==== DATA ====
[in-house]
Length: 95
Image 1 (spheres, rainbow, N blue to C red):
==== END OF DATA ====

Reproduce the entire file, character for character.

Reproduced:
[in-house]
Length: 95
Image 1 (spheres, rainbow, N blue to C red):